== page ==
Certified (Revision)

edited October 15 in Poems
Revision

CERTIFIED

Bewildered
you drifted into a Nomen nescio
sphere of the mind.
Undefined space packed 
with psychedelic images, 
tragicomic paradoxes.

Regression to an earlier time
of diapers, bibs, drool, 
night terrors.
Doctors say you’re chancy, 
might set the house afire, 
slash me with the kitchen knife.
Really? 


When I whispered -Till tomorrow, honey, 
tears welled in my eyes: 
your mortifying -G’night, Mother 
stabbed my heart.
Wayward, outsize babe, 
snatched from my arms…

There’s a void in our home, 
-What now?
Twenty married years, 
so ephemeral, 
a fleeting presence by my side.
Must I reinvent myself?

Our cat dusts 
book-lined corridors
with her Siamese fur, 
ponders ‘Don Quixote’ yearningly, 
then whiskers your pillows, 
sleeps under them.

She and I need our zany, 
quixotic cavalier, 
even if you've been…
‘Certified’.


Note: Nomen nescio: No name, Lt. 


CERTIFIED

Bewildered
you drifted into a Nomen nescio
sphere of the mind.
Undefined space packed
with psychedelic images,
strange babble,
tragicomic paradoxes.

Regression to an earlier time
of diapers, bibs, drool,
goodies and night terrors.
Doctors say you’re chancy,
might set the house afire,
slash me with the kitchen knife.
Me? You?
Not so.

When I whispered -Till tomorrow, honey,
tears welled in my eyes:
your mortifying -G’night, Mother
stabbed at my heart.
Wayward, outsize babe,
snatched from my arms…

There’s a void in our home,
a -What now?
Twenty married years,
so ephemeral,
a fleeting presence by my side.
Must I reinvent myself?

Our cat dusts
book-lined corridors
with her Siamese fur,
ponders ‘Don Quixote’ yearningly,
then whiskers your pillows,
sleeps under them.

She and I need our zany,
quixotic cavalier,
even if you've been…
‘Certified’.


Note: Nomen nescio: No name, Lt. 

Comments

  • Posts: 192
    :(
  • Posts: 0
    Gracy, thank you for sharing this. One cannot criticize the one who suffers. I think you will revise this in the future, when fewer words, less "telling" and more subtlety will better convey the intensity of your sorrow and sense of loss. You have my empathy nevertheless.
    Thanked by 1Gracy
  • Posts: 192
    Hi Ottawan,
    Of course you can criticize my poem. When I write about sad, personal experiences, I certainly would be willing
    to hone it down a little. That would, in theory, please my hubby, who was a great poet himself. He never
    lost opportunities to crit my stuff!
    Looking at my poem, I already see for myself some extra lines or words that should be eliminated.
    I'll be tweaking it very soon.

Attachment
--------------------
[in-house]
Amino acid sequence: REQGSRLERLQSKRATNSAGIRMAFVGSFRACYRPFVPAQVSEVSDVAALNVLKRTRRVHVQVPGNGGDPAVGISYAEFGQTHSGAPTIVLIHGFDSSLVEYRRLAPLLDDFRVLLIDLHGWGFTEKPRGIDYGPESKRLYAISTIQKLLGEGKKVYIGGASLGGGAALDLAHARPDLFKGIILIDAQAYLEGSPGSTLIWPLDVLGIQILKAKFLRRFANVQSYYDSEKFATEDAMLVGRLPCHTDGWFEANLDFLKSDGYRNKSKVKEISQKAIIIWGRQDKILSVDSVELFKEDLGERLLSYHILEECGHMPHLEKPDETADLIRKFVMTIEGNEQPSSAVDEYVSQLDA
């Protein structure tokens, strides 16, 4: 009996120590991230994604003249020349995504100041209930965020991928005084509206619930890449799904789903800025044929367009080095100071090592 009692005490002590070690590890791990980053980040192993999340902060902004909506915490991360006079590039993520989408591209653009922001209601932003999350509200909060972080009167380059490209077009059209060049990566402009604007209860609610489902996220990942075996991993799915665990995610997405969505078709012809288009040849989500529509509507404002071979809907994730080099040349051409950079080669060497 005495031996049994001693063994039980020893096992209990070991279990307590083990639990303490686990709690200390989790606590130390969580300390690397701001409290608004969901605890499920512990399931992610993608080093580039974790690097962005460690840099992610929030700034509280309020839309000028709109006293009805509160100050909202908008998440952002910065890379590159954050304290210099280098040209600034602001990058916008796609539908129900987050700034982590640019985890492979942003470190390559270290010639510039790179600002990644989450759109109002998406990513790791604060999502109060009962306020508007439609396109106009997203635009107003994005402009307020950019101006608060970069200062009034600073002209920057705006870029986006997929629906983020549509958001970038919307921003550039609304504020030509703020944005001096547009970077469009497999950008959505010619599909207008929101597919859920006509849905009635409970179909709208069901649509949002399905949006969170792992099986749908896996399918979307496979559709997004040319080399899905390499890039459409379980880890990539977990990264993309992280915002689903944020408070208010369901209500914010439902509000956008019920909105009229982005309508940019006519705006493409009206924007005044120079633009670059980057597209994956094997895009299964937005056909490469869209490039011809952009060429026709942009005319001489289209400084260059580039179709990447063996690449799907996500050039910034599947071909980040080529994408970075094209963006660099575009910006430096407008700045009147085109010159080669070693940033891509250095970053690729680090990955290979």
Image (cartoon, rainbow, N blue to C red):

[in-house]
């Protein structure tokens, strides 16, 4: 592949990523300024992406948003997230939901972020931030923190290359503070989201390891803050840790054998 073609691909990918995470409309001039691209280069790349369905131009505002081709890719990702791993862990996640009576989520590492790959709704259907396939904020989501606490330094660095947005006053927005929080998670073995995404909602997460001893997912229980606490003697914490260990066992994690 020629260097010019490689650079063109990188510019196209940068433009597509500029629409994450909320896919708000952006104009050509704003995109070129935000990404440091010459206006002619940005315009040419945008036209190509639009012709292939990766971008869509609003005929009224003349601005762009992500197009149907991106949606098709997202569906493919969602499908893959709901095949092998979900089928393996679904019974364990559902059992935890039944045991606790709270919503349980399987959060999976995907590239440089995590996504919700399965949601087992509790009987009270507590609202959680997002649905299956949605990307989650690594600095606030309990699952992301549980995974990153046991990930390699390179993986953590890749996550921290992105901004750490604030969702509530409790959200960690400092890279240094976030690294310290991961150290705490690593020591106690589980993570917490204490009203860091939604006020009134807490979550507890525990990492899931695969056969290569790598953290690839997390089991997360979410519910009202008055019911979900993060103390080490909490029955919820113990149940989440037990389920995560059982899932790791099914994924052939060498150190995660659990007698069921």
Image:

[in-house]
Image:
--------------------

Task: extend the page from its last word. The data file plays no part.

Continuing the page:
Thanks for your empathy. My husband's dementia lasted 15 years, it was not Alzeheimer's. It was clogged 
    arteries in the brain. After 7 years, I was obliged to put him in a nursing-home. He was considered a
    danger to the edifice, where other people lived.
    Best,
    Gracy
  • Posts: 0
    Gracy - this is very heartfelt and touching - your lines are economical and just right to express the angst and love here.  Best - RC
    Thanked by 1Gracy
  • edited October 12 Posts: 192
    Thank you, James. It's heartfelt, but I'll be tweaking it a little.
    Best, Gracy
  • I felt exceptional sorrow in the poem. Besides feelings you did word it well.  Yes the first time I read it I felt it longish then read the comments & to me the poem is actually poem 1 & 2. The division may occur between the 3rd  verse and the 4th.

    Also I think the title for the original poem may be better with Nomen nescio

    Thanked by 1Gracy
  • Posts: 192
    Hi Alex,
    Thank you for your suggestions. Yes, it's full of sorrow. Dementia is horrible. To see an intelligent person with a physicion's degree and ongoing practice, suddenly "lose it" (after his 3rd. major heart surgery and likely due to prolonged anasthesia) is devastating.
    I've erased some lines and will think about your idea of changing the title. It's a little shorter now. 
    Will mull over other changes.
    Best, Gracy
  • A very moving and believable poem, Gracy, one that shows both sides of the coin, with the tragic loss apparent to subject, speaker and reader. It's particularly poignant because the loss to the suffering person is palpable, so very sad.

    Your poem is totally accessible, allowing the reader to sink into the sentiments without them actually being overly sentimental.

    The only word that REALLY jarred was 'yearningly'. It seems deliberately poetical and melodramatic. I noticed it immediately.

    On a minor note I reckon, 'stabbed at my heart' could be warmed up a bit. It's quite a common expression.

    Overall, a most convincing and moving piece that really hits the mark.


    Best


    JJ


    CERTIFIED

    Bewildered
    you drifted into a Nomen nescio
    sphere of the mind.
    Undefined space packed 
    with psychedelic images, 
    tragicomic paradoxes.

    Regression to an earlier time
    of diapers, bibs, drool, 
    night terrors.
    Doctors say you’re chancy, 
    might set the house afire, 
    slash me with the kitchen knife.
    Really? 


    When I whispered -Till tomorrow, honey, 
    tears welled in my eyes: 
    your mortifying -G’night, Mother 
    stabbed my heart.
    Wayward, outsize babe, 
    snatched from my arms…

    There’s a void in our home, 
    -What now?
    Twenty married years, 
    so ephemeral, 
    a fleeting presence by my side.
    Must I reinvent myself?

    Our cat dusts 
    book-lined corridors
    with her Siamese fur, 
    ponders ‘Don Quixote’ yearningly, 
    then whiskers your pillows, 
    sleeps under them.

    She and I need our zany, 
    quixotic cavalier, 
    even if you've been…
    ‘Certified’.

    Thanked by 1Gracy
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